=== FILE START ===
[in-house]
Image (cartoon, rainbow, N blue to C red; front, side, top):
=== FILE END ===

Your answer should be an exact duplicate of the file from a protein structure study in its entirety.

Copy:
[in-house]
Image (cartoon, rainbow, N blue to C red; front, side, top):